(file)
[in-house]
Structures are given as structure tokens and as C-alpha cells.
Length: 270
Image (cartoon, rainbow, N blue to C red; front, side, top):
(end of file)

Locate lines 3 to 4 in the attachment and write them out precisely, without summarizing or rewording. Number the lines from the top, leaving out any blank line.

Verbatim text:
Length: 270
Image (cartoon, rainbow, N blue to C red; front, side, top):